- If defects are noted with the 30 day submission to the DOB, the owner has 120 days from the inspection date to submit either a report to certify all defects have been corrected, or one that states such other work is needed to be done in addition, and that more time will be necessary. However, submissions cannot carry on more than 180 days from the date of the inspection; final certification of the correction of all defects must be submitted before that time.
- If there are specific conditions identified as a result of the gas inspection; such as a gas leak, an illegal connection, or a non-Code compliant installation, or a hazardous condition as determined by a utility company or the LMP; the owner of the property must take immediate action to correct and inform the DOB and the utility company as mandated.
Local Law 153 (effective June 6, 2017) amends the Housing Maintenance Code by adding a new sub-section to Sec. 27 – 2005, which requires the notification and posting of instructions related to what procedures residential tenants must follow in the event of a gas emergency. The local law requires the public posting of a written notice a common area, inside of the building, and a written notice to be given to a tenant at the time or leasing or lease renewal.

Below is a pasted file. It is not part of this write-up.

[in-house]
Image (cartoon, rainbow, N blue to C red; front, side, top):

Local Law 154 (effective March 6, 2017) amends the Administrative Code by adding a new provision, Sec. 28 – 119.4, which requires that both the utility company and the property owner must notify the DOB within 24 hours of having the gas service shut off for a building due to a hazardous condition.
LOCAL LAWS 157 - 159
Local Law 157 (some portions are effective immediately, others are subject to DOB rulemaking) repeals and amends both the Housing Maintenance Code, Secs. 27 – 2045, 27 – 2046, 27 – 2046.1 and 27 – 2046.2 and the Administrative Code, Article 312 to address the mandatory installation of carbon monoxide, smoke and natural gas alarms for residential occupancies.
- The work in violation was completed before April 5, 2017 and the penalty fees have not been paid off
- The applicant applies for a permit to resolve the improper work after April 5, 2017 and before October 5, 2017
- The application is signed off within one year from the day the permit is issued
Local Law 159 (effective as of March 6, 2017) amends the Administrative Code, Sec. 28 – 201.2.1, adding items 17, 18 and 19 to designate violations for gas piping systems as immediately hazardous (Class 1). This requires building owners to take immediate action and correct gas piping defects to avoid additional penalties.
The above cited local laws establish long overdue regulatory oversight for a dangerous, potentially life threatening and unfortunately common activity in NYC. The intent of the new regulations is to put enough checks and balances in order to prevent future gas explosion incidences. Promoting awareness and education regarding the proper way of securing licensed or qualified personnel for gas piping work in NYC means a big step forward in protecting both life and property.